David Johnson has a good reason for reportedly skipping mandatory Cardinals minicamp
The former third-round pick who missed all but one game in 2017 is entering his fourth NFL season
The Cardinals lost David Johnson for all of 2017 after he suffered a wrist injury in the season opener last September. In April, one of the league's most exciting running backs declared himself 100 percent healthy, though you won't find him at the team's mandatory minicamp this week because Johnson is looking for a new deal, reports ESPN's Adam Schefter.
A 2015 third-round pick out of Northern Iowa, Johnson rushed for 581 yards and added another 457 receiving yards during his rookie season. In 2016, Johnson exploded for 1,239 rushing yards and 879 receiving yards, and he emerged as one of the league's most exciting players -- and a favorite among fantasy football fans.
But the 26-year-old made just $615,000 in base salary last season and is set to earn $1.8 million in 2018. Johnson has a salary-cap hit of $2.1 million, which ranks 27th among all running backs. For an idea of how his compensation doesn't match his productivity, consider this: Johnson ranked ninth in total value in 2016 as a runner and was first among all running backs as a receiver, according to Football Outsiders.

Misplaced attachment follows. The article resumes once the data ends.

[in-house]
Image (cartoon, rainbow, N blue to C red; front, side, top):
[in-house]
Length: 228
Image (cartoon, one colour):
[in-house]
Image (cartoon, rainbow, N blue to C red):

Johnson is in the final year of his rookie contract and, quite understandably, he's looking to get paid before taking the field and risking further injury.
Players under contract who skip mandatory minicamp are subject to fines -- $84,435 over the three days -- though it's not uncommon for teams to cover those costs as part of a new deal. NFL Network's Mike Garafolo reported last week that Johnson and the Cardinals could have a contract extension in place before the start of the season.
So what's Johnson worth?
We know that Le'Veon Bell, who like Johnson is dangerous as a runner and a receiver, is looking for a multi-year deal that will pay him more than the $14.5 million he'll make in 2018 on the franchise tag.
Spotrac, which pegs Bell's calculated market value at $11.7 million per year, estimates that Johnson should be looking at a contract that pays him $9.2 million a year, comparable to the five-year, $41.3 million deal the Falcons gave Devonta Freeman last August.
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